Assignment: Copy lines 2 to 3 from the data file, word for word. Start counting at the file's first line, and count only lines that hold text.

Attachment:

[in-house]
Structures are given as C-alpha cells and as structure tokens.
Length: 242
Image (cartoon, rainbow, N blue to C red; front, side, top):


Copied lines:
Structures are given as C-alpha cells and as structure tokens.
Length: 242